We’ve partnered with The Lands Council to bring more perspectives on the environment and climate change in the Inland Northwest.
Often, when we talk about preparing for climate change, or lessening its most tragic potential effects, the argument is framed as the earth vs. the economy. This is the wrong framing. Climate change is happening, and especially in an area like the Inland Northwest — where so much of our economy depends on thriving forests, consistent growing seasons, and predictable rain and snowfall — failing to build a more resilient economy tied to the changing realities of our ecosystem dooms both our local environment and community.
“What can I do to ensure that the Inland Northwest and my community at large is resilient to climate change?” That question has been at the forefront of my mind for years. Often, I find myself examining this question, considering it from all angles. Lately though, with deafening whispers of an impending recession, the question has become: “What is my community, the Inland Northwest and our state and federal government doing to be economically prepared for climate change?”
I’m not an economist. I’m a naturalist and environmental scientist, so I often look to nature to find answers to my questions. If we want to know what adaptations are needed for our economy to be resilient to climate change, we can look first at how nature achieves resilience.
Resilience is the ability to keep functioning in the face of disturbances. Climate change is sure to bring many unexpected disturbances, but there are some climate change disturbances we can predict. And what we can predict, we can plan for.
In the Pacific Northwest, climate change doesn’t just mean temperature increases, it also means a change in the hydrologic cycle — the timing and volume of precipitation. Climate scientists predict less precipitation overall, and more of that precipitation falling as rain than snow, meaning it isn’t stored on the landscape for as long. This has serious implications for urban planning as we expect Spokane and our surrounding region will deal with more runoff and less snowfall.
It also has major implications for our region’s forests. Inland Northwest forests will be drier in the future, which will bring higher wildfire risk and insect predation. Thirsty trees are weak trees, after all, and are more susceptible to insect invasion. These predictable changes to forest health could significantly affect timber revenue and biofuel markets in the Inland Northwest. Creating resilient rural economies in areas that rely on timber revenue requires reimagining how the timber economy can support both healthy forests and communities.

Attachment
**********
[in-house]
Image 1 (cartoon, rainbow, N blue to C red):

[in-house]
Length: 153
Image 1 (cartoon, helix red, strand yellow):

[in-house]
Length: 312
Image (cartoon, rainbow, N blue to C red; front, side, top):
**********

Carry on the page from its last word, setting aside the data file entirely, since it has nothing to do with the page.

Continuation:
Resilient rural economies can also help steward resilient forests. Studies show that forest thinning can reduce high severity forest fires in low severity systems like the drier, less-dense forests we see east of the Cascades. This reality isn’t currently reflected in regulations around local forest health. Many of the Forest Service thinning guidelines used in eastern Washington are taken from scientific research on the westside, where more natural precipitation gives way to denser forests. To better conserve forest resources for the future we need place-based solutions that consider the ecology and economy of eastern Washington.
Forestry isn’t the only part of our region’s economy that will see drastic changes as the climate changes. Local agriculture will also be vulnerable as seasons shift and extreme weather — like late-spring cold snaps and mid-summer heat waves — become more frequent and intense. Figuring out how to adapt to these changes again requires that we consider our relationship with the environment as well as the impact these changes will have on farmworkers and vulnerable communities on the frontlines of climate change.
There are so many questions to ask about how our region will adapt to climate change. Can rural communities be economically prepared for the drier and more fiery forests of the future? What about how changes in seasons impact farming? How are heat waves displacing already vulnerable populations?
With these questions, and so many more, The Lands Council called on leaders around the state to help us understand what actions are being taken to build a more resilient future.